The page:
Category Archives: Disinfection

How Does Your Endodontist Do it?

If you are interested in an endodontic refresher lecture, come and join me next Thursday at the Pacific Dental Conference (PDC 2019).  Two and a half hours lecture filled with pictures and videos demonstrating the initial endodontic treatment.

Dr. Ektefaie PDC 2019


Manual Dynamic Agitation: a Simple Technique

The following is an excerpt from #vanendo lecture series at this year’s Pacific Dental Conference.

The apical 3mm of an infected root canal system is considered to be the “Critical Zone” when it comes to the chemomechanical preparation.  Mechanical instrumentation and chemical disinfection of the root canal system to its full length significantly affect the outcome of treatment.  All endodontists agree that the irrigation phase of the root canal treatment must be accompanied by an agitation technique.  These techniques include: sonic agitation (EndoActivator), ultrasonic agitation, multi-sonic agitation (promising area of research currently), and the cheapest and simplest of all, Manual Dynamic Agitation (MDA).

The following video demonstrates how the MDA technique (repeated insertion of a well-fitting gutta-percha cone to the WL at a frequency of 100 strokes/min) significantly facilitates debris removal from the apical portion of a root canal system that appears to be fully shaped and cleaned.

 


Office website: vanendo ,  FaceBook page: @endospecialists


Calcium Hydroxide: What’s the Big Deal?

It is known that micro-organisms in irregular spaces beside the main canals and specially in lateral and accessory canals survive the limited effect of chemomechanical instrumentation.  There are overwhelming  amount of evidence in endodontic literature in support of the short-term use of CaOH (a week or longer).  It effectively reduces or eliminates bacterial infection from the root canal system.  Therefore, it is always beneficial to use an inter-appointment medicament such as calcium hydroxide, specially in non-vital or re-treatment cases.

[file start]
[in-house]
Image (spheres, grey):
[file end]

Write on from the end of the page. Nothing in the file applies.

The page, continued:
CaOH is usually made into a paste by mixing with saline.  Inside the root canal system, CaOH dissociates into Ca++ and OH- ions resulting in an increased pH (up to 12.5) and an alkaline environment.  No micro-organisms survive at this pH and when they come into direct contact with CaOH.

The beneficial effects of CaOH include:

  1. Prolonged and broad antibacterial action
  2. Anti-inflammatory action (for example, stopping the exudative stage of inflammation)
  3. Helping the local immune system
  4. Enhancing the necrotic tissue dissolution when using in conjunction with NaOCl
  5. Promoting bone formation and repair (complete repair is expected in 2-3 months)
  6. Preventing re-infection inside the canal system by virtue of its physical presence

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My favourite preparation of calcium hydroxide is UltraCal® XS.  UltraCal® XS is an aqueous, 12.5 pH, syringeable, radiopaque, calcium hydroxide paste.  Flexible NaviTips are used to deliver CaOH inside the canals.  NaviTips are not side-vented needles.  So, care should be taken while placing CaOH suing this delivery method.  It should be delivered short of the apex (use the rubber stopper as a guide) while slowly withdrawing tips.


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